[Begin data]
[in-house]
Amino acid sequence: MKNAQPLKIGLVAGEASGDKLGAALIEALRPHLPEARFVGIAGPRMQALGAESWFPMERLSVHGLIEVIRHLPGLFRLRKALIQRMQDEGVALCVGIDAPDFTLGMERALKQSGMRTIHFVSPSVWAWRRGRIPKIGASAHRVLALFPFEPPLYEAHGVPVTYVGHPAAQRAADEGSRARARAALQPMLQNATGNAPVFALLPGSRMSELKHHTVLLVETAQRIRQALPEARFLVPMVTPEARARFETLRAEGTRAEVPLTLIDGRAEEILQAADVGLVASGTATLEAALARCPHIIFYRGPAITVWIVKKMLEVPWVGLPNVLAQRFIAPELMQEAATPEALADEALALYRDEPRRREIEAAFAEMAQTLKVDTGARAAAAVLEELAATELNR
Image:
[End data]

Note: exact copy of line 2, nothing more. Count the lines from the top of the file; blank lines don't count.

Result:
Amino acid sequence: MKNAQPLKIGLVAGEASGDKLGAALIEALRPHLPEARFVGIAGPRMQALGAESWFPMERLSVHGLIEVIRHLPGLFRLRKALIQRMQDEGVALCVGIDAPDFTLGMERALKQSGMRTIHFVSPSVWAWRRGRIPKIGASAHRVLALFPFEPPLYEAHGVPVTYVGHPAAQRAADEGSRARARAALQPMLQNATGNAPVFALLPGSRMSELKHHTVLLVETAQRIRQALPEARFLVPMVTPEARARFETLRAEGTRAEVPLTLIDGRAEEILQAADVGLVASGTATLEAALARCPHIIFYRGPAITVWIVKKMLEVPWVGLPNVLAQRFIAPELMQEAATPEALADEALALYRDEPRRREIEAAFAEMAQTLKVDTGARAAAAVLEELAATELNR